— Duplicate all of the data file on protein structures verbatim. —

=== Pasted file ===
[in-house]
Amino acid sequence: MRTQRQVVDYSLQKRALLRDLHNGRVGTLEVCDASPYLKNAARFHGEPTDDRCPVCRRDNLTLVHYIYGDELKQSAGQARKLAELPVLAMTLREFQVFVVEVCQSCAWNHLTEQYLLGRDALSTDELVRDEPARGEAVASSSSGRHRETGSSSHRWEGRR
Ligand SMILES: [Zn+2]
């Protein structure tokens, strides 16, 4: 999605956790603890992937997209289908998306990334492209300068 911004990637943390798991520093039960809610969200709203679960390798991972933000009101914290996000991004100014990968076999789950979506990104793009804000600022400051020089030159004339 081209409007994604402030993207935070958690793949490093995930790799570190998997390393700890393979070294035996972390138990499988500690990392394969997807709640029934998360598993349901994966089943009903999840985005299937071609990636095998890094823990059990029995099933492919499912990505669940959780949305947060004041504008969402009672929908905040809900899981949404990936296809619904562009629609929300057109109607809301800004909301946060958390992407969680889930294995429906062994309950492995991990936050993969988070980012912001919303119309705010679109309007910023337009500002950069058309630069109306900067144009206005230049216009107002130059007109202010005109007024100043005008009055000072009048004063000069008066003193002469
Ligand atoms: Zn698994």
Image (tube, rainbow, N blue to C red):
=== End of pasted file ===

[in-house]
Amino acid sequence: MRTQRQVVDYSLQKRALLRDLHNGRVGTLEVCDASPYLKNAARFHGEPTDDRCPVCRRDNLTLVHYIYGDELKQSAGQARKLAELPVLAMTLREFQVFVVEVCQSCAWNHLTEQYLLGRDALSTDELVRDEPARGEAVASSSSGRHRETGSSSHRWEGRR
Ligand SMILES: [Zn+2]
């Protein structure tokens, strides 16, 4: 999605956790603890992937997209289908998306990334492209300068 911004990637943390798991520093039960809610969200709203679960390798991972933000009101914290996000991004100014990968076999789950979506990104793009804000600022400051020089030159004339 081209409007994604402030993207935070958690793949490093995930790799570190998997390393700890393979070294035996972390138990499988500690990392394969997807709640029934998360598993349901994966089943009903999840985005299937071609990636095998890094823990059990029995099933492919499912990505669940959780949305947060004041504008969402009672929908905040809900899981949404990936296809619904562009629609929300057109109607809301800004909301946060958390992407969680889930294995429906062994309950492995991990936050993969988070980012912001919303119309705010679109309007910023337009500002950069058309630069109306900067144009206005230049216009107002130059007109202010005109007024100043005008009055000072009048004063000069008066003193002469
Ligand atoms: Zn698994």
Image (tube, rainbow, N blue to C red):